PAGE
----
Do you remember 2020? No, not that bit. The part about eight weeks before the global pandemic fully kicked in, when 11 outrageously beautiful single people decamped their lives in the hope of falling in love in a remote villa in South Africa. You don’t? Neither do I. After a lacklustre initial outing that featured the forgettable final winners Paige Thurley and Finley Tapp, a rebooted winterLove Island hopes to once again capture the nation’s attention with a new cohort of sunkissed islanders, while back home, normal, less attractive Britons face the drudgery of January. It therefore feels like an auspicious start for this series to begin on Blue Monday, but then again the producers behind ITV2’s runaway smash hit have never been ones for subtlety.
So what’s new this time? An updated McMansion and, of course, the arrival of Maya Jama as Love Island’s new First Lady. But we’ll get back to that.
One of the first to arrive in the villa is Haris, a man whose claim that “I’m that good at selling TVs, I can sell a TV when it’s not even on” should read less like a boast, and more like a warning to vulnerable elderly people everywhere; and airport-worker Shaq, who has openly suggested that he would sleep with colleagues in order to get discounted flight prices. Relatable. They are promptly joined by TikTok farmer Will, who already has a million followers on the app. Readers will be pleased to know his repertoire includes a video where he calls a sheep “absolutely filthy” before expressing in detail how he is planning to go about trimming dried clumps of excrement off its ass. It feels like an important moment of representation for people who folded T-shirts at Jack Wills and attended too many Young Farmers events at an impressionable age.
Also on the lineup are “Essex Boy but different” Ron and built-like-a-fridge Kai. The latter is in desperate need of someone to hold him and tell him he is loved. I say this because the man has openly admitted that women claim his best attribute is his height. It’s a bit like being told the most interesting thing about you is simply the hair colour you were born with; I cannot imagine a more withering compliment in my life.
And so, in scenes that would kill off radical feminist Andrea Dworkin, were she alive today, comes the coupling-up ceremony as the girls enter the villa. It’s an easy enough start, with the rather adorable biomedical scientist Tanya swiftly coupling up with Shaq. Next up is self-professed chatterbox Anna-May, who has taken a different tack to the promotional VT, confessing to millions across the nation that her conversation skills are so scintillating that she has caused her dates to fall asleep at the dinner table. It’s this kind of self-awareness that creates an underdog for which to root for, and also makes me feel marginally better about myself. After initially choosing Kai, Anna-May is later dumped for Tanyel, a woman who looks like those Instagram accounts that amalgamate the faces of four famous people into one, terrifying, elite being. Ron quickly opts for the bilingual Lana, who enters the villa with one suitcase and the hopes and dreams of secondary school foreign language departments everywhere, before being joined by actor and ring girl Olivia. Dressed as what I can only describe as a Y2K Pinterest board brought to life, Olivia is made to settle for Will, professing through gritted teeth that maybe they are meant to be. I promise you Olivia, things will get better soon.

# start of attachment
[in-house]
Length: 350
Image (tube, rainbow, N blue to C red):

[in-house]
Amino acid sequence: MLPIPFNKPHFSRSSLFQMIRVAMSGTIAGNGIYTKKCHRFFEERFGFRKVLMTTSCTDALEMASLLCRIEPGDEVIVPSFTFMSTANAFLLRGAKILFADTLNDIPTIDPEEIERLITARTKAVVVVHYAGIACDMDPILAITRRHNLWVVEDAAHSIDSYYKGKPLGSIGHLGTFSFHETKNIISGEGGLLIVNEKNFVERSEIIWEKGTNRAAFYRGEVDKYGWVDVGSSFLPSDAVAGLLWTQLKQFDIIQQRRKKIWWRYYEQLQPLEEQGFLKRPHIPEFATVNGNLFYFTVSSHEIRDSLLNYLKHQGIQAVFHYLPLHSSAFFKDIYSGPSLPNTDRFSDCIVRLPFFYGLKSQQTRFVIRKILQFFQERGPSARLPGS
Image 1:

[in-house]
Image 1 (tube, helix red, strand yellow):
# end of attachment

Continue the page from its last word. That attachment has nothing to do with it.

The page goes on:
Of course, the path to love never does run smooth, and as Love Island veterans will know, a bombshell awaits. Yet it isn’t Macclesfield footballer Tom that captures the most attention of the night. Instead, the episode belongs to the newly appointed Jama, who takes over the reins from Laura Whitmore as the show’s latest host. After years of prompting from fans, it looks like the producers have finally taken the hint, with Jama’s easy charm and affability reminiscent of Caroline Flack’s much-missed warmth. Quite simply, it feels like she’s always belonged here, and regardless of who triumphs as the final couple, I suspect that the real winner of winter Love Island will be Jama.
But even with Jama’s magic, is winter Love Island any good? For many, the answer will be no.
For one, these early episodes are dull. The format at this point is slightly tired and outdated. And yet, this is Love Island at its most pure, before the fights and the mess, before Women’s Aid have had to make a statement about someone’s onscreen behaviour, or any adult men have sucked a boob on live TV. The contestants are happy. They are talking about their astrological compatibility. They are oblivious. They are free. And so we face a crossroads. In so many ways, it would be better for us to simply move on, turn off the TV and leave before the dream begins to unravel. But much like Lot’s wife, who couldn’t help but turn her head to gaze towards the fallen city of Sodom in Genesis, I know that the temptation to continue watching is too great. ITV2, you have done it again.